“Australians who were concentrated around Cape Wom were mistakenly attacked by American Lightning aircraft. Eleven Australians were killed and twenty-one wounded. The real enemy were on WeWak Point, which the 2/4th Battalion attacked on May 10,” it states.

Next to that paragraph in the book, John has scribbled, ‘I was there’.

“I never saw them die, but I saw them after they were killed because that afternoon, they buried them on the beach just up above the high watermark,” said John.

“The next day the gravediggers came and got them, and they probably went out to Lae, there’s a big army cemetery there.”

John witnessed firsthand the devastation and despair of the war, but he truly valued the mateship.

“The ones that were in your unit are the best in the world because you’d die for one another,” said John.

John said the late Jack Baguley from Narrabri was a great mentor to him in New Guinea.

“Friends like Jack, if you got spooked or something they’d say ‘oh come one, everything is alright, keeping going’.

“He called me ‘Junior’.”

There were a number of servicemen from Wee Waa who John said he didn’t know before he went to war, but they became great friends afterwards, bonded by the experience.

John said he remembered being on the gunner as it fired over the top of the late Wilf Boyle while he was working on the roads, as the unit was trying to gain ground. Mr Boyle, formerly of Spring Plains, served as an engineer in the Aitape-Wewak campaign and John stayed friends with him when they both returned to Wee Waa after the war.

Sadly, John’s friends from the war have all passed away now.

“I would love to meet another Australian bloke who was there that’s still alive.”

John said he has no regrets about making the decision to go off to battle and feels fortunate he was able to return to Australia to build a wonderful life and family.

And enjoy the Australian way of life that he fought to defend when he was serving in New Guinea.

“I suppose if it happened again, I’d do it again,” he said.

John has lived in Wee Waa since the end of the war, it’s the town where he married his late wife Fay and where they raised their children.

“She was a very nice looking girl and everything about her was pretty good actually,” John said.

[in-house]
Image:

“Buggered if I know how I got to end up with her.

“We went together for a little while, then we decided to get married and we were married 61 years.

“She was a telephonist at Burren on the exchange and she worked as a nurse at the hospital.”

John and Fay had three children Terry, Gary and Judith, and John now has seven grandchildren and 16 great-grandchildren to keep him on his toes.

“Fay and I both loved our kids. We went for a family holiday every year, didn’t matter where it was.

“And when I was working as a shearer, we used to go around in a caravan together to all the shearing sheds when Gary and Terry were only little fellas. “

After the war, John turned his hand to many jobs, mostly roles on the land.

“I was on the railway too for a little while earning something like four pound 10 – that’s about $9 a week.

“My brother was a shearer and when I saw what he was doing and thought I’d take it on.”

John spent the rest of his working life in shearing sheds across the North West and New England.

John said the fact he and his brother Noel were separated at a young age meant they “didn’t really grow up as brothers”, as much as he would’ve liked too.

They weren’t given the opportunity to have a close sibling relationship, but were reunited later in life and incredibly the two brothers who lived separate lives married two sisters.

Today, John is still pretty active and likes to keep to a daily routine which includes a walk to the newsagent in the morning, a chat out the front, a few jobs and a Tooheys with friend Bruce Cowan late afternoon.

However, if there is a commemorative ceremony taking place then John will be there rain, hail or shine to honour his mates, just as he was at the Narrabri RSL club on Saturday.

“You do think about your mates, you think about the ones you left behind and couldn’t get home,” he said.

Saturday’s ceremony (article below) also paid tribute to those who bravely served our country in Vietnam.  veterans with August 18

The end of World War II, Vietnam vets, remembered